I think the aesthetic that I want to move forward with robotics is more robot-looking or animal appearance but not humanoid. So I think there's this uncanny valley with robots when they certainly look human that they just feel off, we not that they are not human. And it's like ... it feels very awkward. But when we make robots like there's a robot that's a dinosaur and there's a robot that's a seal. And since we don't know those faces and those animals as much as we know a human we can be more friendly with them. Or something that looks like a robot, let's say a cartooner movie, we can be really friendly with it also. And it's just something weird like we all see this from watching movies, interacting with robots in real life if we get the chance to meet them, for some reason we feel this way. It's an odd, unexplainable thing about human-robot interaction.

I feel like robots are everywhere, they are not as hidden or it's not gonna be this huge like "Oh my god, the robots are everywhere!" and we're being attacked. They are almost everywhere right now, you know, we have a phone with intelligence in our pocket. We have little vacuum robots, I have a robot mob. And it's not like taking a job, it's more like ... it's so like I just watch it go back and forth cause I'm thinking about what it's thinking, and I'm thinking about the algorithms, so it actually takes me more time cause I'm watching it for two hours go back and forth. But I think like if there are robots developed with artificial general intelligence, there's a new thing called AGI where they self-teach each other instead of humans programming the robot. That's really where we have to be concerned about maybe robots taking over. But I don't see that now for the foreseeable future.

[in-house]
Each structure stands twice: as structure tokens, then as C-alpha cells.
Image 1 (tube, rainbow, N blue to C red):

There's always movies where robots are killing humans. But that assumes that they have AGI. And right now most robots, I guess every robot that has intelligence is just AI which is a person basically typing in, programming the robot and saying "If this do that". "If you sensor hits something over here turn around 90 degrees". So really these robots with their own mind and their consciousness and their own source you may say, that's really AGI where they learn from themselves and sort of navigate the world like a human baby would.

I like to multitask and I have the TV news on as I'm doing emails and stuff and then I call him Joey cause you got to put a name to a robot. And he goes back and forth but then if he goes under the bed I'm looking because he just does his great algorithms, I guess I'm thinking about like I'm a robot and how they programmed the robot to, you know, follow along the leg perfectly. It doesn't have any vision, he's doing this all by touch.